04 November 2010

Rhoads, Hsieh, and Cushman on Midterm Elections

I came across three very good articles on the topic of Tuesday’s Republican victory (or to be more precise, I should call it Tuesday’s Democratic defeat).

In the first article, Jared Rhoads reported that he voted against Democrats across the board:

Since I am emphatically not a registered member of the Republican party, allow me briefly to explain.

My votes were cast with one goal in mind: to stem the tide toward statism and in so doing buy more time for rational ideas to take hold in the culture. On the surface, that means limited government, lower taxes, lower spending, and less regulation. More deeply, it means individual rights.[1]

In another article, Paul Hsieh advises the Republicans to understand what swept them into office. Their victory is decidedly not a mandate to compromise and deliver “ObamaLite”:

The 2010 vote was a powerful message from Americans rejecting the socialist policies of President Obama, Nancy Pelosi, and Harry Reid -- including the bailouts, the out-of-control federal spending, the higher taxes, and the nationalized health care scheme.

Voters elected Republicans to halt and reverse these policies -- not compromise to pass watered-down versions of those same bad ideas.[2]

Nor is the victory a green light to impose “social conservative” values:

The Republicans’ electoral rebound has been driven by millions of independent voters like the Colorado small businessman Ron Vaughn, who told the New York Times, “I want the Democrats out of my pocket and Republicans out of my bedroom.”[2]

Finally, at American Thinker, Charlotte Cushman urges the Republicans not to compromise with the Democrats to “find common ground” with policies that are disastrous for America:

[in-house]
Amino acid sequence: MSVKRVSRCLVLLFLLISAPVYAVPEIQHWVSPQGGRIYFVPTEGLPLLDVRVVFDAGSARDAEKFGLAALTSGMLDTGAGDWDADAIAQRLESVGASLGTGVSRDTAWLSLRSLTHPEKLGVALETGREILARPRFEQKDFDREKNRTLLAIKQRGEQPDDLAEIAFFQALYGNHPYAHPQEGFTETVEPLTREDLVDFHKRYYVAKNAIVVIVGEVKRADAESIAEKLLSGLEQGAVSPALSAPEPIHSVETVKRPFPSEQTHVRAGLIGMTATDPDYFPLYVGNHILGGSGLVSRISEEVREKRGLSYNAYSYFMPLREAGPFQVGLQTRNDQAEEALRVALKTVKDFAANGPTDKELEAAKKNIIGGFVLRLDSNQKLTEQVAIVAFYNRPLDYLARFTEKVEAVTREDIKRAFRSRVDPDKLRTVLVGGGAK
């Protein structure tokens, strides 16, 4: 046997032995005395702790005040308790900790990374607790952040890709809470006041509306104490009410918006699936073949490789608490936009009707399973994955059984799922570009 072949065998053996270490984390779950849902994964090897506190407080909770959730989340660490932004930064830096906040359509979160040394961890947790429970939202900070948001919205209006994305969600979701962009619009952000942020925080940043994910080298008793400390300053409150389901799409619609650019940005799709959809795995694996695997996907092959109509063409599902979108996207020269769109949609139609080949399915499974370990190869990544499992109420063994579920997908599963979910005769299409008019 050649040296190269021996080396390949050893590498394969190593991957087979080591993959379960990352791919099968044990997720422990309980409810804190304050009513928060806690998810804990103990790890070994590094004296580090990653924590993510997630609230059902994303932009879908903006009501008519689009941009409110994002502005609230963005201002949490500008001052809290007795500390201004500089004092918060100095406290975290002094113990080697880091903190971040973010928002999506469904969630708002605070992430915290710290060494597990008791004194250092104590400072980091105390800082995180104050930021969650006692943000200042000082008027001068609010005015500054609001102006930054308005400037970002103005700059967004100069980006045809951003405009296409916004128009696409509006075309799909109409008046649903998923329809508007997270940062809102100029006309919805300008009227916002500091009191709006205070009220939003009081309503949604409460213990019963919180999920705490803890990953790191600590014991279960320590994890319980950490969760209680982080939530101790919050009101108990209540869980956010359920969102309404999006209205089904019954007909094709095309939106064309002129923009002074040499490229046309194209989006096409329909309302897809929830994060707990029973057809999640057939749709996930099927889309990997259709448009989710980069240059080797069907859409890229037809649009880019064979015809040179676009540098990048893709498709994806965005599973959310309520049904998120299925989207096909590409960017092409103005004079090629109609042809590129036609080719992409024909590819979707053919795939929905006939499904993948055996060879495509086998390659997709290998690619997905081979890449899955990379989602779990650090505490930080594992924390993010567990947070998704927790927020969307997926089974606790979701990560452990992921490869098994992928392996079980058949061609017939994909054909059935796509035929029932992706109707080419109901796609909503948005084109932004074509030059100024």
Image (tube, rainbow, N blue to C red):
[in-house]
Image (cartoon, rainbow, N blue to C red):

We have been taught than compromising is a virtue, that in any conflict, we must concede things to the other side. . .

Finding common ground means that both sides agree on some fundamental principles. By compromising with Obama we would be saying that we agree with some aspects of Socialism. No we don’t. There is no common ground between an ideology of slavery and the ideology of freedom. Rush Limbaugh said the meaning of the election was “No, we don’t want to ‘work together,’ and the American people did not say they want to work with you. The American people said yesterday they want to stop you!”[3]

With an entirely secular meaning, I say, “Amen!”


1. Jared Rhoads, “A Republican voter . . . ,” 2 Nov 2010, http://lucidicus.org/editorials.php?nav=20101102a.

2. Paul Hsieh, “GOP: Dance With The One Who Brung You,” 3 Nov 2010, http://pajamasmedia.com/blog/gop-dance-with-the-one-who-brung-you/?singlepage=true.

3. Charlotte Cushman, “No More Goodie Two-Shoes,” 4 Nov 2010, http://www.americanthinker.com/blog/2010/11/no_more_goodie_twoshoes.html.

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